This intensive life of this machine is the cause of autodestruction

In the end, the public browsed the remnants of the machine for souvenirs to take home. This homage to the energy of a city that keeps rebuilding itself time after time is a wonderful example of the different and sometimes conflicting conceptions of artists and engineers on how machines should work–and as such an early collaborative effort that foreshadowed the events staged by E.A.T.—as well as a document on the 60s with the rise of happening and pearformance.

This is one piece of what the artist called a “self-constructing and self-destroying work of art,” composed of bicycle wheels, motors, a piano, an addressograph, a go-cart, a bathtub, and other cast-off objects. Twenty-three feet long, twenty-seven feet high, and painted white, the machine was set in motion on March 18, 1960, before an audience in the Museum’s sculpture garden.

During its brief operation, a meteorological trial balloon inflated and burst, colored smoke was discharged, paintings were made and destroyed, and bottles crashed to the ground. A player piano, metal drums, a radio broadcast, a recording of the artist explaining his work, and a competing shrill voice correcting him provided the cacophonic sound track to the machine’s self-destruction—until it was stopped short by the fire department.

Developing upon groundwork laid by Jean Tinguely, Survival Research Laboratories (SRL) was created as a machine performance art group and is considered to be a pioneer of industrial performing arts. 

Since its inception in 1978 SRL has operated as an organization of creative technicians and technical creatives dedicated to re-directing the techniques, tools, and tenets of industry, science, and the military away from their typical manifestations in practicality, product or warfare.

Since 1979, SRL has staged over 45 mechanized presentations in the United States and Europe. Each performance consists of a unique set of ritualized interactions between machines, robots, and special-effects devices, employed in developing themes of socio-political satire. Humans are present only as audience or operators.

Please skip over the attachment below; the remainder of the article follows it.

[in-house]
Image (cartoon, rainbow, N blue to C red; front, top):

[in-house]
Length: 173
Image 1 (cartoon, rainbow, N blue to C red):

As of late 2012, SRL conducted over 50 shows throughout the world, mostly in the Western United States. SRL shows are essentially performance art installations acted out by machines rather than people. The interactions between the machines are usually noisy, violent, and destructive. A frequent tag-line on SRL literature is "Producing the most dangerous shows on Earth." A side-effect of the group's activities is frequent interactions with governmental and legal authorities.

Tinguely’s long-cherished passion for Formula 1 car racing is also thematised in some of the key works of this period. His Fontaine Jo Siffert erected in Fribourg in the spring of 1984, for example, is a tribute to the racing driver, Jo Siffert, who died on the racetrack. Tinguely also installed a rotating sculpture made of components gleaned from two of Renault’s own Formula 1 racing cars into the Renault works in both Paris and Bern.

 Called Pit-Stop, this work is unique in Tinguely’s oeuvre in that it also incorporates the medium of film. It uses footage of a real-life pit-stop projected onto the walls of the exhibition space by a combination of 16-mm projectors and convex mirrors. In 1988 Tinguely combined racing car components and bones to build Lola T 180 ­– Mémorial pour Joakim B., a machine-cum-altar created in memory of his friend, the racing driver Joakim Bonnier, who was killed in 1972.

I have always tried to work together with other artists, if only to get beyond myself. Because sometimes I feel like I’m trapped inside myself, and forced to be myself, I feel like one condemned. I cannot do otherwise than what I do.